[This post is from Hecate’s point of view.]
“Neither do I,” Carolyn said. Hecate glanced up at her again and the other woman smiled. “Something tells me that love’s pretty complicated.”
Hecate choked on a laugh, feeling tears start to sting in her eyes. “You have no idea.”
“Probably not,” Carolyn said, then shrugged. “I’m not sure I want one, either.”
“Probably not,” Hecate echoed, sitting back against her heels. She smiled wryly. “So what was bothering you about having children?”
“Who said it was bothering me?”
“Your tone of voice. The way you said it.” Hecate shook her head slightly. “I may have spent most of very long life more than half out of my mind, but that certainly doesn’t mean I can’t read people. In some ways, it made it easier.”
Carolyn laughed weakly. “Well, since you put it that way.”
“Since I put it that way, what’s going on?” Hecate leaned forward, clearing away a little more overgrowth, freeing the stems of another plant from a tangle of invading greenery.
Carolyn sighed, watching her for a few seconds. Hecate glanced up, her brow arching slightly.
Finally, Carolyn shifted her position, sitting cross-legged in the grass and fidgeting. “I guess I’m scared,” she said. “That’s all. I’m scared to have kids.”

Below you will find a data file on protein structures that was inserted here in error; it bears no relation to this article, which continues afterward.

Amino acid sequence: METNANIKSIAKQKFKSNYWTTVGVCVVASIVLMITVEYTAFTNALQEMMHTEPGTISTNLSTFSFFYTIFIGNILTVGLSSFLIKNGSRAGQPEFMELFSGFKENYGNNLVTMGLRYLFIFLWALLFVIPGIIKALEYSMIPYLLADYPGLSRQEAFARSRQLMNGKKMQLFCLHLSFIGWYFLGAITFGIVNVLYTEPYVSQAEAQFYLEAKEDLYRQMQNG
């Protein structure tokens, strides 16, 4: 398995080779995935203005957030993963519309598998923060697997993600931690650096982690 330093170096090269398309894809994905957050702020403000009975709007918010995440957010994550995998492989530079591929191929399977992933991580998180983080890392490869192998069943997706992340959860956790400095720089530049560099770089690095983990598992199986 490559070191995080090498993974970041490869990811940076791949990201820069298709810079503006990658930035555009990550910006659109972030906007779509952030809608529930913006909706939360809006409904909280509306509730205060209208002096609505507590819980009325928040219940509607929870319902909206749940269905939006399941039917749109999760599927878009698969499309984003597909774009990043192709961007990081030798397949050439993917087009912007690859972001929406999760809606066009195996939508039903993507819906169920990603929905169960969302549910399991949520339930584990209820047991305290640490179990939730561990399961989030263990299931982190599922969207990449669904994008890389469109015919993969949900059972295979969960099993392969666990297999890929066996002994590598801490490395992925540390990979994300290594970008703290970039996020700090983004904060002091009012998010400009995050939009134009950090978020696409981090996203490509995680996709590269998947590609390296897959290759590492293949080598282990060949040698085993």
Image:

It was more than just that, though—Hecate could tell from the way Carolyn’s voice hitched slightly. Carolyn might be afraid of the actual process of carrying a child and giving birth to a child, but whatever fear she carried went beyond that. “Scared to have kids or scared to have kids with him?”
She looked down. “It’s not that I don’t want children with him.”
“Then what is it?”
“What if something happens?”
“What do you mean?”
Carolyn swallowed hard. “What if something happens to us? To me, to him? What if—what if our child has the same gifts as one of us—or worse, something entirely different? Or what if they’re completely normal and everyone around them isn’t? What then?”
Hecate reached for her hand. Carolyn let her take it, looking up to meet Hecate’s eyes.
“We never know,” Hecate said softly. “And none of us really will. But know this—no matter what, they’ll always be protected and they’ll always be loved. When you know nothing else, when you can predict nothing else, you know that for certain. No matter what, they’ll be loved.”